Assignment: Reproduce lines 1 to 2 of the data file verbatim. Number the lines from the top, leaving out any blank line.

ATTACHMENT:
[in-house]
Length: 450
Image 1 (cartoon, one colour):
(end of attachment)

[in-house]
Length: 450